Testimony heard in vulnerable embezzlement case
Jul 21, 2015 at 1:24 PM
Andrea Beth Quigg, 35, was bound over to Ottawa County Circuit Court on charges of embezzlement from a vulnerable person of between $1,000 and $20,000, forgery, and uttering and publishing following a preliminary examination Tuesday morning in 58th District Court.
The Muskegon woman sat quietly at Tuesday's hearing as her attorney, John Karafa, made several objections to witness testimony.
Arraignment in Circuit Court was set for Nov. 11, but Karafa said his client waived her arraignment. A pre-trial conference and trial dates will now be set.
Quigg lost her job when the investigation into the allegations began in early September.
The victim’s niece, Tammy Derooy testified at Tuesday’s hearing that she became suspicious when she checked her uncle’s checkbook in early September.
“I saw a check for $60 written and nothing in the 'pay to the order of' (box)," she said.
The family contacted Community Mental Health and a complaint was filed with the Ottawa County Sheriff’s Department.
Lt. Mark Bennett of the Sheriff's Department testified that Quigg told him “she had occasion to write checks 'stupidly' to herself to cash and give (the victim) money for spending.” However, Bennett said his preliminary investigation revealed that Quigg had never given any of the money to the victim.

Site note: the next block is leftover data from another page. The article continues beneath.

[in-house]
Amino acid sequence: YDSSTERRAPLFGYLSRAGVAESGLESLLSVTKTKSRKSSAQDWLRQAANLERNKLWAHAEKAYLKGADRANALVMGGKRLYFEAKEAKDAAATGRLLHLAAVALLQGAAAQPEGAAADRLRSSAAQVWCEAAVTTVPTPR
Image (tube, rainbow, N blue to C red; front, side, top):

After she was confronted, Bennett said Quigg admitted to having the victim sign blank checks. She, in turn, would fill in the dollar amount — ranging from $150 to $250 — and put her name in as the payee.
“She had done it eight to 10 times,” Bennett said. “She used it to pay bills, according to her statement. She said her mortgage was the largest.”
The checks were dated near the beginning of each month and some of them were cashed at Fifth Third Bank on Robbins Road in Grand Haven, where Quigg was a customer. Bennett said the checks were written between July 2011 and August 2013, and the total amount was more than $3,000.
Quigg’s former supervisor at Community Mental Health, Stacie Hamstra, said Quigg had been a support coordinator for about 11 years and handled about 40 cases at a time. She agreed with Karafa’s statement that Quigg had received excellent reviews every year prior to the embezzlement charge.
Hamstra said the victim had been one of Quigg’s clients for at least 10 years. She said he was very trusting.
“He has mild retardation,” Hamstra said. "He has limited abilities in problem solving, money management and making decisions.”
In response to questions from assistant prosecuting attorney Karen Miedema, Hamstra said support coordinators are not supposed to handle their client’s money; a family member or contracted person would normally do that.
“It’s not our role to act as a payee,” Hamstra said. “It puts us in a risky position — almost a conflict of interest.”
Hamstra said Quigg’s role was to put the client in contact with the services he needs. One of her responsibilities was to oversee his community living support person — someone contracted through CMH to help with things like cooking, cleaning, grocery shopping and accessing the community.
Quigg faces up to five years in prison and/or a $10,000 fine if convicted of the embezzlement charge. The forgery and uttering and publishing charges carry a maximum penalty of 14 years in prison.
No criminal history in Ottawa County was listed under Quigg’s married or maiden name, Skok. Bennett noted that Quigg was recently divorced.